Thomas Hardy An Imaginative Woman When William Marchmill had finished his inquiries for lodgings at the well-known watering-place of Solentsea in Upper Wessex, he returned to the hotel to find his wife. She, with the children, had rambled along the shore, and Marchmill followed in the direction indicated by the military-looking hall-porter.
I am quite out of breath," Marchmill said, rather impatiently, when he came up with his wife, who was reading as she walked, the three children being considerably further ahead with the nurse. Marchmill started out of the reverie into which the book had thrown her. I was tired of staying in that dreary hotel. But I am sorry if you have wanted me, Will? When you see the airy and comfortable rooms heard of, you find they are stuffy and uncomfortable.
Will you come and see if what I've fixed on will do? There is not much room, I am afraid; but I can light on nothing better. The town is rather full. In age well-balanced, in personal appearance fairly matched, and in domestic requirements conformable, in temper this couple differed, though even here they did not often clash, he being equable, if not lymphatic, and she decidedly nervous and sanguine.
It was to their tastes and fancies, those smallest, greatest particulars, that no common denominator could be applied. Marchmill considered his wife's likes and inclinations somewhat silly; she considered his sordid and material. The husband's business was that of a gunmaker in a thriving city northwards, and his soul was in that business always; the lady was best characterised by that superannuated phrase of elegance "a votary of the muse.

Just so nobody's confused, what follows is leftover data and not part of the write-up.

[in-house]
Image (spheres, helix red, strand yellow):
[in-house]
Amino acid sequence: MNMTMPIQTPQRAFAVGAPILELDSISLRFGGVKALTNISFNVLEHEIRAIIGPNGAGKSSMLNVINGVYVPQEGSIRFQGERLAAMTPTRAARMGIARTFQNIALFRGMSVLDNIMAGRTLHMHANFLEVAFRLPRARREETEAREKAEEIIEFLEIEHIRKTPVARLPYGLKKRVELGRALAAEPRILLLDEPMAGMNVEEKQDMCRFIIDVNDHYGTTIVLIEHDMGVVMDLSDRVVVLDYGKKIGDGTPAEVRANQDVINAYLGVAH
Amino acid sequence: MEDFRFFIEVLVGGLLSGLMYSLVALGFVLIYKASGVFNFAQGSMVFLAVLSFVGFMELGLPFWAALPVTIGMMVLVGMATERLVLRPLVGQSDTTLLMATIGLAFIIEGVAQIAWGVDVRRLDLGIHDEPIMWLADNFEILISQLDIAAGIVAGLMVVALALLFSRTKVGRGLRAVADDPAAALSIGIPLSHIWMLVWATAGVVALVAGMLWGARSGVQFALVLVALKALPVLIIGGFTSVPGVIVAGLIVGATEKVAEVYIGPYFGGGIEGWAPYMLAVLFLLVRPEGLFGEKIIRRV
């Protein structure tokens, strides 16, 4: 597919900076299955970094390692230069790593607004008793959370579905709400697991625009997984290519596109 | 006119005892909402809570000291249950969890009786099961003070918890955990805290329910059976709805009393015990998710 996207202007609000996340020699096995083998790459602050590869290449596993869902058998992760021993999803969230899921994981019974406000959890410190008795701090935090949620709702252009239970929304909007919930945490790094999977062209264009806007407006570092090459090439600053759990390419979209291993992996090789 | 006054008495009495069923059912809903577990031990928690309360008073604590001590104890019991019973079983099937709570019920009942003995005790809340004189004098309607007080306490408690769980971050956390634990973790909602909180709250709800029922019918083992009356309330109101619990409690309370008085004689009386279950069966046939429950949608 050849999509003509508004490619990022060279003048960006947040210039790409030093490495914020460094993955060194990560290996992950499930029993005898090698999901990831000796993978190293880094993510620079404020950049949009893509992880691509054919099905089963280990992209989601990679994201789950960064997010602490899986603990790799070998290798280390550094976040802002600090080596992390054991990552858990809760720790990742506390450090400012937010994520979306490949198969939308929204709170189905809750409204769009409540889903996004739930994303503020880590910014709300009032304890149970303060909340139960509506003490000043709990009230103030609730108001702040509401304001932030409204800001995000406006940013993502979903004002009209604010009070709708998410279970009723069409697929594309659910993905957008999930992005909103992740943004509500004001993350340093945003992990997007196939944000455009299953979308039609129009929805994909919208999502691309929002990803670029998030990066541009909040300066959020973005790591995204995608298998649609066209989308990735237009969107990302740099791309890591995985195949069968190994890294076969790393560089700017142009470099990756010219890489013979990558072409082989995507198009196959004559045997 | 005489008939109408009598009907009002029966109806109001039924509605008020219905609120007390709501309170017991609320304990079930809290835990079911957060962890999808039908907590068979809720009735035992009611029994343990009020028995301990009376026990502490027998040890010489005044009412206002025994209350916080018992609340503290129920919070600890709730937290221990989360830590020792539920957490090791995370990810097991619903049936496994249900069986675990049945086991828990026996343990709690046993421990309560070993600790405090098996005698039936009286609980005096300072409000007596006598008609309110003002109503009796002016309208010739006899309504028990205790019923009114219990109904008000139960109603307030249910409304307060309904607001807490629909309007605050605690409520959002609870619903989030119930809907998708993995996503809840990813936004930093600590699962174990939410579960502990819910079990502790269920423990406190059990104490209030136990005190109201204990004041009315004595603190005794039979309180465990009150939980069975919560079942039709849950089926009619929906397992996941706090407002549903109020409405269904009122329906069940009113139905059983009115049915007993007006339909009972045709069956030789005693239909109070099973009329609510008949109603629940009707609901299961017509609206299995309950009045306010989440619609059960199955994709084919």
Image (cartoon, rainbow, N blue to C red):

She could only recover her equanimity by assuring herself that some, at least, of his weapons were sooner or later used for the extermination of horrid vermin and animals almost as cruel to their inferiors in species as human beings were to theirs. Indeed, the necessity of getting life-leased at all cost, a cardinal virtue which all good mothers teach, kept her from thinking of it at all till she had closed with William, had passed the honeymoon, and reached the reflecting stage. Then, like a person who has stumbled upon some object in the dark, she wondered what she had got; mentally walked round it, estimated it; whether it were rare or common; contained gold, silver, or lead; were a clog or a pedestal, everything to her or nothing.
She came to some vague conclusions, and since then had kept her heart alive by pitying her proprietor's obtuseness and want of refinement, pitying herself, and letting off her delicate and ethereal emotions in imaginative occupations, daydreams, and night-sighs, which perhaps would not much have disturbed William if he had known of them.
Her figure was small, elegant, and slight in build, tripping, or rather bounding, in movement. She was dark-eyed, and had that marvellously bright and liquid sparkle in each pupil which characterises persons of Ella's cast of soul, and is too often a cause of heartache to the possessor's male friends, ultimately sometimes to herself.
Her husband was a tall, long-featured man, with a brown beard; he had a pondering regard; and was, it must be added, usually kind and tolerant to her. He spoke in squarely shaped sentences, and was supremely satisfied with a condition of sublunary things which made weapons a necessity. Husband and wife walked till they had reached the house they were in search of, which stood in a terrace facing the sea, and was fronted by a small garden of windproof and salt-proof evergreens, stone steps leading up to the porch.